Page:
Born 1574 in Kent, died 1657 aged 83 years.
Harvey, went to Cambridge and graduated in 1597 aged 23 years. He then went to the university of Padua in Italy to study under Hieronymus Fabricus, graduating in 1602. Fabricus was working on the function of the valves in veins.
Harvey's main claim to fame is that he put the concept of the circulatory system together. He did this by working it out methodically and by observation. The older fashioned way of coming to a conclusion about something was by intuition and thinking. Prior to Harvey's work, the understanding of the circulation was based upon the work of Galen (a great dissector) which in turn had advanced upon the ideas of Aristotle; at Harveys time it was felt that blood was made in the liver from digested food and was then sent to the rest of the body to feed it where the blood disappeared, tiny channels in the intra ventricular septum were supposed to let the blood pass from the right side of the heart to the left.
Harvey examined veins and noted that the valves in them permitted flow of the blood only back towards the heart. In one of his experiments he looked at the veins in the arm and noted that he could empty them by stroking towards the heart. If he also stopped flow in the vein by pressing his finger on the vein and stroked it, he noted that the flow in the vein only went up the arm towards the heart.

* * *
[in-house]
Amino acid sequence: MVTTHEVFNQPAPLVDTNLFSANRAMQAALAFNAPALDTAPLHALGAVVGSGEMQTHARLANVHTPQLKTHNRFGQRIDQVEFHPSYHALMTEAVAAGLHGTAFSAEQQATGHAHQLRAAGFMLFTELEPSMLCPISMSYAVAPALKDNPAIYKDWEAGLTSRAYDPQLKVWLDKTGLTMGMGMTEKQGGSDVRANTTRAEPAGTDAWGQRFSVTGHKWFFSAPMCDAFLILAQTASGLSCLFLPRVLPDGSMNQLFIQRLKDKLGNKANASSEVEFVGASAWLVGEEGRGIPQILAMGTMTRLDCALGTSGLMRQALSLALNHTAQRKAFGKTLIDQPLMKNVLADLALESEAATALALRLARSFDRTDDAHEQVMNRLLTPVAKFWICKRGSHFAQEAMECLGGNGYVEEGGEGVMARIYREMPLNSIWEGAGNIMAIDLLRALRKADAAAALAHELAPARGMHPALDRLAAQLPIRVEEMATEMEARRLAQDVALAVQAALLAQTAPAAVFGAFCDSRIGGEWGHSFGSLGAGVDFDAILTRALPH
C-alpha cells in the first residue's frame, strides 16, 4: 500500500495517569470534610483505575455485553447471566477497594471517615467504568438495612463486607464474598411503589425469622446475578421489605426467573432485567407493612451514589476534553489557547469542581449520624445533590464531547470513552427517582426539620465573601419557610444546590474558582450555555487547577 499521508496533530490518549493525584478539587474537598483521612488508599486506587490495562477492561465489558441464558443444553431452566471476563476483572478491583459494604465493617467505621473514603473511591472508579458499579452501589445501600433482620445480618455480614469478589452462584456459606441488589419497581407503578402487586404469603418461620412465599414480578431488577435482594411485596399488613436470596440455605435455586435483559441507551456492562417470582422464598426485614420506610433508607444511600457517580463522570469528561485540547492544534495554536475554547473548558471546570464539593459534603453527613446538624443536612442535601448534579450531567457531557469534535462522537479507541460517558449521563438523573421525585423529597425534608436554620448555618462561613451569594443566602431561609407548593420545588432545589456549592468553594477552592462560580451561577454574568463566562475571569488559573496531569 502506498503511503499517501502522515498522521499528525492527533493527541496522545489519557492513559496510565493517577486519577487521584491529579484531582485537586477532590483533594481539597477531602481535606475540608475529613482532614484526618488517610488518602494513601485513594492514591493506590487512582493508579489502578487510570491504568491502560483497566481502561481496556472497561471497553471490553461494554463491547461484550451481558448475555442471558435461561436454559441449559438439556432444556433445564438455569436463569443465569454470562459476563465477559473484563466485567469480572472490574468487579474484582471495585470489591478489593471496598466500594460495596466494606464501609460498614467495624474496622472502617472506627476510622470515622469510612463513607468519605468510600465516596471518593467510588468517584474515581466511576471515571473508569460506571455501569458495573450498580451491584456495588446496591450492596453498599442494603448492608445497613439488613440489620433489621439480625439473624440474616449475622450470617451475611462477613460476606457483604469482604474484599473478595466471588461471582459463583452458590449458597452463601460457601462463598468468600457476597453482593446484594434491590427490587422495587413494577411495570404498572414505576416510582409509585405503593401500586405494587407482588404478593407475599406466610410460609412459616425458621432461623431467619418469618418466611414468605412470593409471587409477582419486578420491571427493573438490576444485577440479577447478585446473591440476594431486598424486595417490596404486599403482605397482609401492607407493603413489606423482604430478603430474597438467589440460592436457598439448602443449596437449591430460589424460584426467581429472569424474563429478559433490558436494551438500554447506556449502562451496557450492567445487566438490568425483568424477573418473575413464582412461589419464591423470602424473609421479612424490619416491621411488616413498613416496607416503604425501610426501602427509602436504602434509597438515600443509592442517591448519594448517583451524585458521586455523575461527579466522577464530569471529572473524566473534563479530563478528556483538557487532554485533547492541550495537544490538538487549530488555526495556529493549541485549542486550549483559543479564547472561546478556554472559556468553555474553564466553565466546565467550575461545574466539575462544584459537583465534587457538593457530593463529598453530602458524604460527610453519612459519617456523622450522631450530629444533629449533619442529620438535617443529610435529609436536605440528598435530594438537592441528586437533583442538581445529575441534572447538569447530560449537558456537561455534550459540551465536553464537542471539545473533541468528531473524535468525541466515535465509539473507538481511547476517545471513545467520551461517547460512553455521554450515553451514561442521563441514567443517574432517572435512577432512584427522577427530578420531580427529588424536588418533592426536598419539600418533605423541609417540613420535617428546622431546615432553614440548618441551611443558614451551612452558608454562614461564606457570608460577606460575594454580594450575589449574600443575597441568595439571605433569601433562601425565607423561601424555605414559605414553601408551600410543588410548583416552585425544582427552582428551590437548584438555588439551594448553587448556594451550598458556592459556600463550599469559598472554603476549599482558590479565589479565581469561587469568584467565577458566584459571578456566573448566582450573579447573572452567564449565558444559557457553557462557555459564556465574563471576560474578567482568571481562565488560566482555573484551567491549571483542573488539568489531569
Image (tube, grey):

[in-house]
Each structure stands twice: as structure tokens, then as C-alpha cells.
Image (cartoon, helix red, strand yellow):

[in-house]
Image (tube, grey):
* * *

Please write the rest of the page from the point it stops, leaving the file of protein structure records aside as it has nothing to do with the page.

His examination of the heart lead him to conclude the the arteries carried blood away from the heart. He did not have any way of discovering what joined the arteries to the veins but he postulated that there must be some such connection. Many other doctors did not agree with Harvey and Harveys notion was considered controversial for a long time. It was not until the discovery of the microscope that capillaries were seen by Malphigni and thus the circuit of the circulation was completed. Harvey, was unfortunately dead at this time.